|Milk production (mælkeproduktion)|
The present data
refer to milk production in Århus Dairy and Hobro Dairy
in 2001 to 2002. The
main production processes
at the two dairies are
following: 1) milk from
dairy farms is received, 2) the milk is centrifuged and seperated into cream and skim-milk
3) the two
fractions are mixed in different ratios depending on desired quality of milk (standardisation)
4) the standardised milk is low pasteurized (heat treatment 72oC in 15 seconds)
and eventually homogenised 5) the milk is paked and stored cool until
distribution to consumers. Some cream is converted into
butter and buttermilk
and some skimmed milk is converted into
evaporation in subsequent processes.
Wastewater generated during the process is diverted directly to municipal wastewater treatment. The two dairies are characterised by a high
degree of specialisation in milk production for the consumer market (cream,
fullmilk, low-fat milk and skimmed milk). All production processes are
automatic and modern.
Data are derived from Århus and Hobro Dairies' records (Green Accounts 2001/2002). Avarage inputs and outputs per produced unit of milk have been calculated ignoring minor contributions from other products. All products are subject to the same main processes and no differences between products have been considered regarding energy consumption and emissions to water. However, fat-content vary between milk products (see table below) and differences in milk consumption and cream production have been taken into account assuming 4.3% fat content of the fresh cow milk.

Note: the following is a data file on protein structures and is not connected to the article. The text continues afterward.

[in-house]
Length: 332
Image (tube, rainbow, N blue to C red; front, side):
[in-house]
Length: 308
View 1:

Homogenisation requires about 4% of total electricity for milkproduction and diferences between homogenised and non-homogeniosed milk with respect to electricity consumption have been ignored.
Production processes from receival of fresh cow milk to storage of the final product before distribution as well as administration has been included. Packaging, cleaning agents and chemicals are not considered.
technology is used in other dairies in Arla. Arla is a major supplier of milk
to the danish market and the present data provides a reasonable representation
of milk production in Denmark.
Data have been compared with data obtained by Eide (2002) in terms of contributions to environmental impacts. Data on contributions to global warming and photochemical smog formation are at the same level as observed for small dairies whereas results differ quite much for larger dairies. The dairy analyzed here is quite large and the differences can probably be explained by different heat and electricity scenarios but maybe also different production principles.
Eide MH (2002). Lifecycle assessment (LCA) of industrial milk production. International Journal of Lifecycle assessment. 7 (1) 1-12.
Data URL: http://www.lcafood.dk/processes/industry/milkproduction.html